Tuesday, Jul 14, 2015

Takings & Raisins

Source: Carl Davies, CSIRO
Source: Carl Davies, CSIRO

On June 22, in one of its last opinions of the 2015 term, the U.S. Supreme Court handed down a decision in Horne v. Department of Agriculture. This case has to do with what are called per se takings in the form of actual physical acquisition of property as opposed to regulatory exactions. The case, involving raisins of all things, has the potential to affect matters like affordable housing ordinances (to the extent that statute or ordinance requires that a developer either pay for, or actually provide, such affordable housing at prices that do not recover the costs of construction). At the very least, it will lead to further litigation regarding such topics.

It appears that the New Deal Agricultural Marketing Agreement Act of 1937 authorizes the Secretary of Agriculture to promulgate marketing orders to help maintain stable markets for particular agricultural products. The Raisin Administrative Committee (!) established to impose a reserve requirement that growers set aside a certain percentage of their raisins for the account of the government free of charge is such a marketing order. The Act allows the government to make use of those raisins by selling them in noncompetitive markets, donating them, or disposing of them by any means consistent with the purposes of the program—including destroying them. If any profits are left over after subtracting the government’s expenses, the net proceeds are redistributed to the raisin growers. In 2002–03, raisin growers were required to set aside 47 percent of their raisin crop under the reserve requirement and between 2003 and 2004, 30 percent.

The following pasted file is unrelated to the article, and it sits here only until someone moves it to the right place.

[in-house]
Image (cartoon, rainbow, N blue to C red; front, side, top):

In Horne v. Department of Agriculture, raisin growers Mr. and Mrs. Marvin Horne and their family refused to set aside any raisins for the government on the grounds that the reserve requirement was an unconstitutional taking of their property without just compensation. The government fined them the fair market value of their reserve requirement as well as additional civil penalties for their failure to obey the raisin marketing order.

The Hornes sued and the Ninth Circuit held that the reserve requirement was not a per se Fifth Amendment taking because personal property is afforded less protection under the Takings Clause than real property, and because the Hornes, who retained an interest in any net proceeds, were not completely divested of their property. The Court of Appeals held that, just as in cases allowing the government to set conditions on land use and development, the government imposed a condition (the reserve requirement) in exchange for a government benefit (an orderly raisin market). It held that the Hornes could avoid relinquishing large percentages of their crop by “planting different crops.”

The Supreme Court reversed, holding that the Fifth Amendment requires the government pay just compensation when it takes personal property, exactly as when it takes real property. Any net proceeds the raisin growers receive from the sale of the reserve raisins only goes toward the compensation they received for that taking—it does not mean the raisins have not been appropriated for government use. Nor can the government make raisin growers relinquish their property without just compensation as a condition of selling their raisins in interstate commerce.

The decision and the salient elements of the opinion are available here.